Today’s Boumediene v. Bush case in the Supreme Court feels a bit like “Groundhog Day." It will be the fourth time in as many years that the high court has heard a case challenging the Bush administration’s policies at the Guantanamo Bay prison. Just like in the other three cases, the court is expected to rule against the Bush administration. But this time the Court may finally bring an end to the disastrous six-year military commission experiment that has so far brought about only one plea-bargained conviction.
Boumediene v. Bush will determine the constitutionality of the Military Commissions Act, which denies suspected terrorists and unlawful enemy combatants the right of habeas corpus. If the Supreme Court does declare that portion of the Military Commissions Act unconstitutional, there will be a lot of questions about what the next steps should be.
One perceived “silver bullet” solution is to create another new legal regime—a “National Security Court”—to try terrorists. The most prominent and detailed of these proposals, one that may have the tacit support of new Attorney General Michael Mukasey, would establish a broad preventive detention regime. Moreover, it would force federal judges to preside over trials where defendants are presumed enemies, threatening judicial integrity and undermining the legitimacy of any convictions.
Adopting a national security court system would send the United States down another unproven path prone to repeat the same mistakes. It would not further justice or American legitimacy. Rather, it would risk creating American courts that more resemble the tribunals of dictators than those of democracies. And that would be a strategic victory for Al Qaeda, not for Americans.
We would lose a great deal and gain nothing, because creating a National Security Court purports to solve a problem that doesn’t really exist. Before we choose to construct another untested quasi-judicial scheme, we should take a closer look at U.S. courts and how they have performed since 9/11. The major critiques of the detention and prosecution of terrorists in the criminal justice system have centered on the system’s allegedly strict evidentiary rules, its supposed inability to handle classified information, and its reactive posture of primarily prosecuting cases once the damage has already been done.
Proponents of the military commissions and national security courts fail to appreciate the flexibility within the federal rules of evidence. For instance, the standard for authentication of evidence does not require that a chain of custody always be proven. Likewise, the oft-cited hearsay rule is not an iron bar to evidence; the federal evidence rules contain numerous specific exceptions for hearsay as well as a catch-all exception for statements having the necessary “circumstantial guarantees of trustworthiness.”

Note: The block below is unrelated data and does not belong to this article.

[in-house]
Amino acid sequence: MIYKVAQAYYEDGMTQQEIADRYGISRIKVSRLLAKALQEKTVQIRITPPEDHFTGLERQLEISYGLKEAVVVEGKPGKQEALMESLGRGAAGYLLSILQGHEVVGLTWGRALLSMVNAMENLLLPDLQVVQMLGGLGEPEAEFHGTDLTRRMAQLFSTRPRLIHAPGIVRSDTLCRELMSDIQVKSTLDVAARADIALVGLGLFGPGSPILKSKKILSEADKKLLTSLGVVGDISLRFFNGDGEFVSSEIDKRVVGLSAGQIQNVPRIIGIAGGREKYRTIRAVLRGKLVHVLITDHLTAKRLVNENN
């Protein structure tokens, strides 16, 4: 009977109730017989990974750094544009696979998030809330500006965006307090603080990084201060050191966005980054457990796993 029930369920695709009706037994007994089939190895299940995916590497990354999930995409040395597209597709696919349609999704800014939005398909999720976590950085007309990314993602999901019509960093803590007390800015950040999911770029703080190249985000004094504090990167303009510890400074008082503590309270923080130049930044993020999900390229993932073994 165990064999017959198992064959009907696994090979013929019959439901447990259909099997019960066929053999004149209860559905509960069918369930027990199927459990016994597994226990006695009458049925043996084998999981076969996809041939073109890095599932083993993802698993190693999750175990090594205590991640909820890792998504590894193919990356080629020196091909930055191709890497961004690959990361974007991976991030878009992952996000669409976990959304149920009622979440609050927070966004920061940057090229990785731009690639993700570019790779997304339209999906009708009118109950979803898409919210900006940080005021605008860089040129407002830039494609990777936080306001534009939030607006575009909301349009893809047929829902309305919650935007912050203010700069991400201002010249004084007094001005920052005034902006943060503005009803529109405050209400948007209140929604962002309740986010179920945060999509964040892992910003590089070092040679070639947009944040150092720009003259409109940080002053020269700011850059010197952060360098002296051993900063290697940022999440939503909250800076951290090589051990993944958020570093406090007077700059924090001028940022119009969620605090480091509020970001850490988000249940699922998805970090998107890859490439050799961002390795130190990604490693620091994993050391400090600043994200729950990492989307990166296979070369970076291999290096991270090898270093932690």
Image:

Regarding classified information, both Rule 16(d) of the Federal Rules of Criminal Procedure and the Classified Information Procedures Act provide a means to limit discovery and protect classified information. In particular, CIPA provides an extensive and sophisticated regime for protecting the full range of sensitive and classified information at the discovery and trial stages. When necessary, the defendant may be barred from receiving evidence or attending hearings involving classified information. Supreme Court precedent also permits closing trial proceedings when truly necessary.
Federal prosecutors already possess multiple avenues to detain suspected terrorists prior to the commission of terrorist acts. Material witness warrants permit the limited detention of citizens and non-citizens under judicial supervision on a showing of “probable cause” and a connection to an ongoing criminal investigation. The Attorney General also has broad power to detain immigrants for renewable six-month periods based on his “reasonable belief” that they are a national security threat. Criminal conspiracy charges, the very charges used to convict Jose Padilla, enable the government to arrest and convict suspects before they complete plans to commit terrorist acts. Oversight must be applied to prevent abuse, but these powers provide the government with ample authority to use the criminal justice system to prevent terrorist attacks, not just prosecute the perpetrators.
The criminal justice system, coupled with standard military trials when necessary, has and can further law enforcement, intelligence, and prevention efforts without undermining our fundamental liberties or our long-term efforts to combat terrorism. It is time to let it fully do that crucial work.
Michael Hoffman, J.D., served as a Visiting Legal Research Analyst at the Center for American Progress. Ken Gude is Associate Director for International Rights and Responsibilities at the Center for American Progress